While preparing for the upgrade bit to download we have some time to browse through the 7.1 announcements. Sure you have seen to VMware announcement or blog write ups where you can choose from. If not, ITQ Master of Drones and EUC Laurens has a post on the announcement bit that you can find over here: https://www.vdrone.nl/whats-new-vmware-horizon-7-1/.

Downloads, well easy pease they are in the usual my.vmware.com spot (linkie to the VMware spot: https://my.vmware.com/group/vmware/info?slug=desktop_end_user_computing/vmware_horizon/7_1). Have an active SnS and your entitled to get the upgrade bits or else go for an evaluation.

Grab - Download Horizon 7.1

And while your at it get the ADMX files for all of the Horizon GPO. Thumbs up, finally they are there VMware. Better late than never.

Upgrade Procedure

I have the following components in my vTestlab that need upgrading: Horizon Composer because of the current desktop pools, Horizon Connection Server and databases that are running because of these services. And Horizon Agent in the desktop pools.

For my testlab I used a saved blueprint of my VCAP-DTM lab and used that blueprint to publish a new testlab in Ravello.

After the upgrade I have to check the following components that interact with Horizon, vIDM and vROPS for Horizon. And client connections of course.

Composer

After disabling the provisioning of the desktop pools, log on to your composer server.

Capture - Disable Provisioning Desktop Pool

On the composer server start the installer. After the startup it detects that an upgrade should take place.

Capture - Composer Upgrade

  1. Click next,
  2. Accept the EULA,
  3. Check your destination folder,
  4. Check database settings and input password,
  5. Check port and certificate settings. Note: if you create a new SSL certificate you will have to retrust that one in Horizon. I am reusing the SSL certificate so I select the one installed,
  6. Check and push the install button,
  7. Grab a coffee and check status,
  8. Finish,
  9. Restart server,
  10. Rinse and repeat for other composers in your environment,
  11. If you are done with all components in your desktop block, don’t forget to enable provisioning of the desktop pool!

Connection Server

After disabling the connection server you are going to work on, log on to the connection server.

Capture - Disable connection serverSelect the connection server and click the disable button.

On the connection server start the installer. Like the composer upgrade, the installer will detect it is in an upgrade scenario.Capture - Horizon Connection Upgrade

  1. Click next,
  2. Accept the EULA,
  3. Check and push the install button,
  4. Grab another coffee and check status,
  5. Finish and read the read me. Yes really, depending where your coming from there are some pointers in there to check or change to make your life simpler,
  6. Open a browser to your upgraded host and look at that spiffy portal,
  7. Open the admin console and check connection to other components,
  8. Enable your connection server,
  9. Rinse and repeat for others,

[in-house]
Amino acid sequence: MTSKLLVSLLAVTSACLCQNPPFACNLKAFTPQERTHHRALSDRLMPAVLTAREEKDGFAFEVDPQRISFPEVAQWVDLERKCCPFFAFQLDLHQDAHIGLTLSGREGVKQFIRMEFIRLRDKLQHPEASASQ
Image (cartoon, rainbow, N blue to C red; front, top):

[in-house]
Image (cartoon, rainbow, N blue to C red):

10. (don’t forget your load balancers….)

Look at that pretty new portal

Capture - Horizon Portal

unfortunately the administration console GUI isn’t changed and flash (ahaaaa) is still around. Sad panda…..

Don’t forget to check if vIDM and vROPS for Horizon isn’t broken. I had to repair/restart the broker agent with vROPS. And have a little patience for the metrics to flow back in.

Agent

I have got an RDSH Hosted application farm server, I will be updating that agent. And some desktop pools, but the procedure is the same. First off, disabling access to the RDSH. Well that depends on the amount of servers you have in the farm and what your hosting from it. Disable hosted desktop pool for example. With my test lab its one server, so disabling the farm would be sufficient. Heck I am the only user so letting everything running would only bug my multiple personalities (who said that?!?).

With several servers you could maintenance one by removing it from the farm. Be sure to have your farm running with the same versions. Or have a cloned pool, just update the template.

On the RDSH host start the installer. Again the installer will notice it is an upgrade.

  1. Click next,
  2. Accept the EULA,
  3. Check your IP version,
  4. Custom setup components, but we are not adding just upgrading click next,
  5. (manual only) Check registered settings RDSH with connection server,
  6. Next and Install,
  7. Finish and reboot,
  8. Enable hosts or pools when the farm is done.

What’s new in the admin?

Instance Clone pools have the option to select specific vLANs for that pool or use the VM network of the template snapshot.

Capture - IC Select Networks

In Global Settings – you have two new client settings:

Capture - Global Settings client

  • hide server information in client interface. You will only see the lock if the certificate is trusted, but not https://connectiontoserver.fq.dn.
  • hide domain list in client interface. Only the username and password boxes are shown. The drop down with the domains are gone. Great for use cases where you want to hide the domain or there is a sh*t load of domains in there. Users have to remember there UPN.